Did Poverty Reduction Reach the Poorest of the Poor? Assessment Methods in the Counting Approach

A number of multidimensional poverty measures have recently been proposed, within counting approach framework, respecting the ordinal nature of dimensions. Besides ensuring a reduction in poverty, however, it is important to monitor distributional changes to ensure that poverty reduction has been inclusive in reaching the poorest. Distributional issues are typically captured by adjusting a poverty measure to be sensitive to inequality among the poor. This approach however has certain practical limitations. It conflicts, for example, with some policy-relevant measurement features, such as the ability to decompose a measure into dimensions post-identification, and does not create an appropriate framework for assessing disparity in poverty across population subgroups. In this paper, we propose and justify the use of a separate decomposable inequality measure – a positive multiple of ‘variance’ – to capture the distribution of deprivations among the poor and to assess disparity in poverty across population subgroups. We demonstrate the applicability of our approach through two contrasting inter-temporal illustrations using Demographic Health Survey (DHS) datasets for Haiti and India.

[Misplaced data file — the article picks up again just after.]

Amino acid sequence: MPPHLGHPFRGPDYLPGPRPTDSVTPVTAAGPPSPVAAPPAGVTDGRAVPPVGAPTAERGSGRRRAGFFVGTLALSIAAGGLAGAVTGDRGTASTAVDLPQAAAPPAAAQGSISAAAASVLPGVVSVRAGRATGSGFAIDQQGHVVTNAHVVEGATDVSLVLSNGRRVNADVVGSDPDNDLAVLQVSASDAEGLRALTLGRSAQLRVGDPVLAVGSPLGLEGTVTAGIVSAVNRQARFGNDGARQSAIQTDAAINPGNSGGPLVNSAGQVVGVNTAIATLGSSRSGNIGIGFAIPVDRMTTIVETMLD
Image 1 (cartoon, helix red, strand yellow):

Citation: Seth, S. and Alkire, S. (2014). “Did Poverty Reduction Reach the Poorest of the Poor? Assessment Methods in the Counting Approach.” OPHI Working Papers 77, University of Oxford.

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